Sometimes I Hate Students

I’ve been on the warpath in one of my classes this morning.  One of my students called my call FIVE TIMES this morning while I was trying to get ready for work.  Did not bother leaving a voicemail to say what the problem was.  I didn’t call back.  I scrolled back to the first one to see when he or she call the first time and it was AFTER 11 PM LAST NIGHT!  Seriously?  Did you really think that I was going to be awake and inclined to deal with whatever you deemed an emergency after 11 PM on a Sunday night when I had to be at work this morning?

What happened to phone etiquette?  I think it disappeared with the birth of cell phones.  Suddenly you can call anybody, anywhere, at any time.  They are suddenly supposed to be available to you no matter what.  And evidently we are all supposed to be paranoid enough to call back any unrecognized number so there’s no reason to leave a message.  I’ve got news for you buddy.  I have my cell phone for MY convenience, not yours.  If I don’t have the time to answer right that second, I’m not going to.  And if you don’t leave me a message indicating you have actual business with me, then I assume you are a wrong number.

I also woke up to an inbox full of emails from students.  A few were legitimate issues with quizzes locking up.  Fine, clear them out, give a 24 hour extension, be done with it.  One student emailed me last week to request an extension on a couple of different quizzes because she evidently didn’t grasp the concept of going to the NEXT PAGE of assessments.  She emailed me last night to say they weren’t there.  Well no shit, sherlock.  You had a 24 hour extension from the time I emailed you back.  If you don’t bother checking your email until the weekend and miss your window, that is not my problem and sure as hell isn’t grounds for a second extension.

The Sunday before last, I had it brought to my attention that my big Unit 2 Exam (at a whopping 110 questions) had a 60 minute time limit on it.  It wasn’t supposed to have one at all.  So given that it was my screw up, I gave students the opportunity to retake it by last night if they emailed me that they were dissatisfied with their grade so that I could clear their attempt.  One student didn’t make her first attempt until AFTER the first deadline and then emailed me last night saying she’d be ready to take it again this week.  Um, no.  That’s not how this works.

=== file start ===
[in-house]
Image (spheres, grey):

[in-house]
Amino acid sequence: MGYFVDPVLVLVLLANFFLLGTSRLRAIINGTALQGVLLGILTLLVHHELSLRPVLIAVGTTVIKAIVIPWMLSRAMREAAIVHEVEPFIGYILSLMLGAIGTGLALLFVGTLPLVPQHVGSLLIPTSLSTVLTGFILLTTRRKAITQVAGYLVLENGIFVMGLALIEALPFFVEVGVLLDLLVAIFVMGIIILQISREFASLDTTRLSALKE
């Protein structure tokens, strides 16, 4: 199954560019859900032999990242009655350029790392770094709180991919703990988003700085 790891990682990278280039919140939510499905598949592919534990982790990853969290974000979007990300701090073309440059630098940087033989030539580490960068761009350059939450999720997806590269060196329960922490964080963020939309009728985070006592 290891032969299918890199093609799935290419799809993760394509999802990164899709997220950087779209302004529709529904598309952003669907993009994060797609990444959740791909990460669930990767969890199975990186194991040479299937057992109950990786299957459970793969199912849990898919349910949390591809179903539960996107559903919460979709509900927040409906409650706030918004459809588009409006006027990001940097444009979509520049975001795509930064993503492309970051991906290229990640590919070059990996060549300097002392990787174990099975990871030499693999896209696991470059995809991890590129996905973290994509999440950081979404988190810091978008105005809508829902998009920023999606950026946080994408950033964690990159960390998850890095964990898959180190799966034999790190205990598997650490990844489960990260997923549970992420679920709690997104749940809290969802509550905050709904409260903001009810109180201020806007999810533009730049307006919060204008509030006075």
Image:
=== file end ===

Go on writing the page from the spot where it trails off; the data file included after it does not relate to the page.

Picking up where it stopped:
Seriously people, I consider myself a reasonable woman.  I conduct hard classes on purpose.  I expect you to work.  If something happens, I’m willing to work with you on it.  But your being lazy or stupid or thinking you’re going to take advantage of me is just not going to put you on my good side.

I really don’t understand where this expectation that things should be handed over and easy comes from.  Life is not like that.  You have to be responsible for yourself, for doing what is expected of you.  And if you don’t, you have to accept the consequences.  And what is up with this striving for nothing more than mediocrity?  Does no one have pride in a job well done?  A good grade earned?  This is why that movie Idiocracy scares the crap out of me.  I see so clearly how we could end up there.

I hope I’m dead first.

10 thoughts on “Sometimes I Hate Students

  1. Amen, and I have SO been there.

    What you’re dealing with is really troubling on two fronts: first, none of us becomes a teacher for the money or the glory or all the time off people presume we have. We teach because we love our subject matter and the joy of learning for learning’s sake. The second issue is LIES. What student of yours can’t operate a variety of tech-based thingies with her hands and feet tied behind her back and her brain in the canister beside her bed? And she claims not to understand GOING TO THE NEXT PAGE?

    Please. Do they think we are THAT stupid?

    1. There is that to a point, though because I teach online, I have a lot of older, non-traditional students who really DO struggle with some of the technology. But still. It makes me want to scream. What age do you teach?

  2. I teach at the community college level, so primarily people in their early twenties. We’ve recently been inundated with returning students and re-entry workers (i.e. those over the age of 35).